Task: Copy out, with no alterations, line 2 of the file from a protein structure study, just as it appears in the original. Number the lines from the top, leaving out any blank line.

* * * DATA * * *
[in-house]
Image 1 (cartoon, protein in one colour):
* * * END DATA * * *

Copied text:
Image 1 (cartoon, protein in one colour):